Tuesday, July 17, 2012

It's OK that we're mostly wrong.

A few years ago, while on our family vacation, we started one of our days at the pool. My son was only just four at the time, and his swimming prowess was yet to be fully realized. With his blow-up arm floaties rendering him stuck in a perpetual scarecrow impersonation, Ian jumped in and climbed out of the pool in a non-stop circuit for at least an hour.
At one point, I decided to add to the thrill, throwing him from his armpits straight up into the air from the water. This helped him achieve far more altitude that his meager post-toddler jumps could pretend. He was hooked, which meant, of course, so was I. As the minutes ticked by, the principle of diminishing returns demanded that I throw him higher and higher and higher. Each time he came up out of the water coughing, burping and laughing through a web of snot. And always he came up begging for more. This, if you weren't aware, is what pure joy looks like.

After a toss that was aimed for the overhead lights of the indoor pool (a toss that had to wait until mom and other responsible adults were distracted with other things and looking away) Ian plunged into the water, coming up gasping and laughing. This throw was so much higher, even I thought I better check in.

"You okay buddy?"

"Yeah!" Ian hacked, smiling.

And that's when the most magical thing happened. Ian caught his breath, looking at me with his chlorine-reddened eyes and said, "Daddy, will you marry me?"

I started to laugh, but was fortunately able to stop at a smile.

I recently heard of a woman describing, in her self-proclaimed not-a-Christian way, that she had become aware of some "mysterious force" at work in her life. She was overwhelmed by it. The Christian she was speaking to was certain she was referring, in her own way, to the Holy Spirit, but remained quiet, never suggesting such, choosing instead to listen.

I watched a friend talking to someone that quoted a bumper sticker to express their view of their experiences and how they thought God was involved. They weren't aware of how ubiquitously known this bumper-sticker phrase was. The saying was so cliche that it bordered on trite. Additionally, it was probably untrue of God if you chased the thought down a few degrees. But however overfamiliar and potentially "wrong" it was to my friend, it was obviously loaded with fresh meaning to the other. My friend nodded and said "wow" as the person spoke his heart.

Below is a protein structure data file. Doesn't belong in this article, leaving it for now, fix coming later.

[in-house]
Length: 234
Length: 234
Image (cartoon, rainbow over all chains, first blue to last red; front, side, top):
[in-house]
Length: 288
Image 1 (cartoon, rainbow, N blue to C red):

If Jesus had come to take the time to correct people on every errant view of God, he wouldn't have been crucified until he was old enough to be Yoda's grandpa. Instead he loved and gave his life long before he'd been asked to teach at a local seminary, consenting to tell stories by lakes without telling people what the moral of them even was. Think how many times people said something about God or others, and all the Christ would do was grin and listen. Think how utterly wrong everyone sounded to the incarnation of Wisdom. It must have been a daily, hourly occurrence. Think how often he had to let an idea slide, not because he was tired, but because he loved the person more than the exactitude of their theology. To give people the precise reality behind the anthropomorphic idioms men and women had been clinging too in order to understand the divine would have blown their brains out of their skulls. Jesus, it seems, was more interested in a messy life well spent than a precise doctrine well preserved.

Smiling at my son, I realized that he wasn't throwing out a random phrase for a laugh. He was overwhelmed in the moment with love. He couldn't conceive of life being any better than that moment in the pool with his dad. And on impulse, in his very young mind, marriage was the most connected, sacred relationship he could think of. Who it was for, when it was applied- all of that- he couldn't comprehend. He just knew he wanted to tell me he loved me, and always wanted to do so, in a way that couldn't be taken lightly. I hugged my son as tightly as his frame would allow and said, "how about I do even better; I'll be your daddy forever." He smiled, wiping snot from his nose, sturdying himself as I prepared to launch him toward the ceiling once again.

I'm convinced that though his expression was out of place and inaccurate, it wasn't wrong. And I'm convinced God sees both the religious and irreligious in their sincere attempts to grasp life and its Source the same way.

If faith in God is about precision, then it's always going to be about perfection. And perfection is unobtainable within something referred to as a "faith". The church becomes a holy fool's errand. This, I have found, is how religion becomes irrelevant to the world; it fixates on its own belief structure and exactness, obsessing in various measure about its adherents'  rightness, yet never achieving what it declares is its objective. It can't. Faith is an embracing of mystery, not the decoding of it. When religion doesn't get this, it chases its own tail ad infinitum at the expense of the messy reality outside its stuffy halls.

So take heart. The very life of Christ, un-argumentative as it was, (and only corrective with religious folks who say they had eternity cornered) is inviting you past the impossibility of ever being accurate, and to simply, walk humbly with him. With him, with each other.  We will learn, unlearn and be flat out confused by some things along the way. But we will love and be loved. And that's as precise a doctrine that we can expect to make.

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